Dave Ramsey

Radio Host

Dave Ramsey was born in Antioch, Tennessee, United States on September 3rd, 1960 and is the Radio Host. At the age of 63, Dave Ramsey biography, profession, age, height, weight, eye color, hair color, build, measurements, education, career, dating/affair, family, news updates, and networth are available.

Other Names / Nick Names
David L. Ramsey III
Date of Birth
September 3, 1960
United States
Place of Birth
Antioch, Tennessee, United States
63 years old
Zodiac Sign
$55 Million
Motivational Speaker, Radio Personality
Social Media
Dave Ramsey Height, Weight, Eye Color and Hair Color

At 63 years old, Dave Ramsey has this physical status:

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Hair Color
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Eye Color
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Dave Ramsey Religion, Education, and Hobbies
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University of Tennessee (BS)
Dave Ramsey Spouse(s), Children, Affair, Parents, and Family
Sharon Ramsey
3, including Rachel Cruze
Dating / Affair
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Dave Ramsey Career

Ramsey experienced several years of financial recovery and began offering financial advice to couples at his local church. In 1988 he founded the Lampo Group, a financial counseling service, and in 1992 he wrote and self-published his first book, Financial Peace.

Ramsey began as one of three alternating hosts of The Money Game on radio station WWTN/Nashville in 1992. The show eventually became The Dave Ramsey Show, Ramsey's daily three-hour call-in financial advice talk show.

Financial Peace University, Ramsey's nine-lesson, $129.99 video-based personal finance course, debuted in 1994. The Gannett newspaper group ran his financial column, though it was dropped when they realized that Ramsey had changed the names on the letters to which he was responding. He offered to pay them their money back. The Dave Ramsey Show aired on the Fox Business Network from 2007 to 2010.

In 2014, The Lampo Group, Inc. was rebranded as Ramsey Solutions. The company's headquarters are located in Franklin, Tennessee, and a new 47-acre campus opened there in 2019.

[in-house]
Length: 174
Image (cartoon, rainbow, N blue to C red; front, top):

Ramsey has written five books for adults, three of which were New York Times bestsellers, and six children's books. He was inducted into the National Radio Hall of Fame in 2015.

Ramsey advises listeners to first reduce debt using the debt snowball method, where debtors pay off their lowest balances first.

Ramsey adamantly opposes the use of credit cards. At live shows, he sometimes takes out his wallet to show audiences the "only four pieces of plastic" he carries: A business debit card, a personal debit card, a driver's license, and a concealed-carry permit. Ramsey encourages the use of cash and advises families to utilize an envelope system, putting a cash allocation for each month's food, entertainment, etc., in separate envelopes and then spending only what is in the envelope.

Ramsey encourages people not to take on student loan debt and calls the idea that student loans are required for college "a myth".

Critics of Ramsey's core teachings point out that they are often a "one-size-fits-all" approach that both disregards income disparities and ignores financial emergencies. The debt snowball method is frequently debated, and studies have returned results that both support and oppose its efficacy. Ramsey's investing advice has also drawn criticism over its reliance on stock investment, as opposed to bonds, using mutual funds with load fees, and its frequent claim of 12% annual returns on investments.

In 2014, The Daily Beast reported that Ramsey had lashed out against former employees he claimed were discussing working conditions at the company on Facebook and Twitter. At company staff meetings, Ramsey allegedly recounted conversations from a private Facebook group of former employees that he had infiltrated, eventually offering cash rewards for the identities of some members who took to anonymous Twitter accounts once they realized Ramsey had joined the private group. The incident prompted increased backlash, a meeting Ramsey set up to confront alleged critics, and the eventual deletion of several of the critical Twitter accounts.

According to a September 2021 lawsuit, when Julie Anne Stamps, a Ramsey Solutions employee on the customer care team, approached her supervisor regarding coming out as a lesbian in May 2020, the supervisor explained that company policy would not allow Stamps to continue to be employed at Ramsey Solutions. Stamps alleges that her departure from the company was further expedited once the United States Supreme Court June 15, 2020, ruling in Bostock v. Clayton County was decided. Ramsey Solutions denies the accusations.

In July 2020, Caitlin O'Connor, a former Ramsey Solutions employee, filed a federal lawsuit against the company alleging that she was fired for being pregnant and, since she wasn't married to the baby's father, for violating Ramsey Solutions' employee conduct policies. On May 27, 2021, O'Connor gave her first interview about the termination and her experience working for Ramsey.